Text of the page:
Climbing High for UWC Scholarships
In August of 2018, Mikael Morn (UWC South East Asia, 1992) embarked on a mission to climb three of the world’s most remote peaks. Over the course of two weeks, Mikael summited Mount Damavand (in Iran), Mount Demirkazik (in Turkey) and Mount Elbrus (in Russia), all the while battling extreme weather conditions at altitude. The mission was a huge test of stamina, endurance and mind over matter in support of a cause close to Mikael’s heart: the UWC South East Asia (UWCSEA) Scholarship Programme. Mikael’s Three Peak Challenge raised funds from all corners of the globe to bring a scholar from an Internally Displaced background to UWCSEA in the fall of 2019.
A Finnish national, Mikael attended UWCSEA for seven years, graduating with Economics, History and Swedish higher level subjects in the International Baccalaureate Diploma Programme. The time he was able to spend immersed in the programmes and philosophy of the UWC movement was a crucial factor in developing his outlook on life and comfort with a global mentality and lifestyle - and since his graduation, he has lived, studied and worked in seven countries on four continents. Mikael first moved to Singapore as a result of his father’s posting to the island state by the Finnish airline Finnair, and he maintains a close bond with his home country through frequent visits to the autonomous Åland province.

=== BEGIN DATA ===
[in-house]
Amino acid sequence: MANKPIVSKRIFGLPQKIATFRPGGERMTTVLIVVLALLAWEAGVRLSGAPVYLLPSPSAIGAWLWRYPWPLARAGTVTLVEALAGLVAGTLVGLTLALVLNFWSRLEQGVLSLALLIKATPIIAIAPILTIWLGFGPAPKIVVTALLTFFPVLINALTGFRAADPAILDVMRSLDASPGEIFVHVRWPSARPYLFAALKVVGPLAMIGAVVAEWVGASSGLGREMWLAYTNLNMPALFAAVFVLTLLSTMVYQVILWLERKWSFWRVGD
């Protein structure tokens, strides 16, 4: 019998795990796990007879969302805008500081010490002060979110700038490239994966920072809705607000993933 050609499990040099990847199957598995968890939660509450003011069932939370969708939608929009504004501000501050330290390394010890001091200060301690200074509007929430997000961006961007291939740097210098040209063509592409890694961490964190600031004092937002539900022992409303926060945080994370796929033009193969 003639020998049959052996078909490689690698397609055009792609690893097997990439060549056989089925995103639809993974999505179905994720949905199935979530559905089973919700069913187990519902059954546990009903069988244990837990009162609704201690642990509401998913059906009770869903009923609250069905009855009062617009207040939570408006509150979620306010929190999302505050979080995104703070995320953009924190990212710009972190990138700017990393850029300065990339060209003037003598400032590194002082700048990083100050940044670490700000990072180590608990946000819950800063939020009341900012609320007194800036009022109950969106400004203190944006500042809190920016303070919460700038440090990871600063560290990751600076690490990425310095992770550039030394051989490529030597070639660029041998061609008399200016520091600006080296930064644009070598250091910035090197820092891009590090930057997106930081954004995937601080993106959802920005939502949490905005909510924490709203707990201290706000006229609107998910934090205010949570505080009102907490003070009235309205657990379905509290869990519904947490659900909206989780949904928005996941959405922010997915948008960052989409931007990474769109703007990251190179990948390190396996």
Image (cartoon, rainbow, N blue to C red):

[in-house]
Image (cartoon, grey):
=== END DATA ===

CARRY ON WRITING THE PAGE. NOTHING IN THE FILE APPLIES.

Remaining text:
Mikael’s passion for mountaineering began with an ascent of Mount Kinabalu (4,101m) in Sabah, Borneo at the age of 13, and continued with climbs such as White Mountain (in California) and Dufourspitze (in Switzerland) during his working career. In addition, his mother’s adventures in the Himalayas - including reaching Everest Base Camp while Mikael was at UWCSEA - was a major inspiration for his love of the outdoors and mountaineering challenges.
This coming August (2019) Mikael will, together with current UWCSEA scholar Luuk Karmarker, attempt a 7,134m ascent of Pik Lenin in Kyrgyzstan. It will be a significant test for both mountaineers, with recent successful ascents such as Cotopaxi and Stok Kangri more than 1,000m lower in altitude. Mikael will again use this challenge to raise funds for a UWCSEA scholarship - this time for a student from Kyrgyzstan or Tajikistan - and he welcomes support on his mountaineering blog which he updates frequently.